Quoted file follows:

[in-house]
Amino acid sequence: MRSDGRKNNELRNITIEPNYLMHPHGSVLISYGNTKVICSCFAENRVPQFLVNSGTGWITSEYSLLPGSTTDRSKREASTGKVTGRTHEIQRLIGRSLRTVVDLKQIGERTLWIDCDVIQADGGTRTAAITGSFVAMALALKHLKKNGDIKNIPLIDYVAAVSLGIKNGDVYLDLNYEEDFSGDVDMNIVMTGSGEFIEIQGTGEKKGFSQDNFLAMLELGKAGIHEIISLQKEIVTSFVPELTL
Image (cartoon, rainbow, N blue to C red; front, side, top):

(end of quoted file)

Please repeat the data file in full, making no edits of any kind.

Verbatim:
[in-house]
Amino acid sequence: MRSDGRKNNELRNITIEPNYLMHPHGSVLISYGNTKVICSCFAENRVPQFLVNSGTGWITSEYSLLPGSTTDRSKREASTGKVTGRTHEIQRLIGRSLRTVVDLKQIGERTLWIDCDVIQADGGTRTAAITGSFVAMALALKHLKKNGDIKNIPLIDYVAAVSLGIKNGDVYLDLNYEEDFSGDVDMNIVMTGSGEFIEIQGTGEKKGFSQDNFLAMLELGKAGIHEIISLQKEIVTSFVPELTL
Image (cartoon, rainbow, N blue to C red; front, side, top):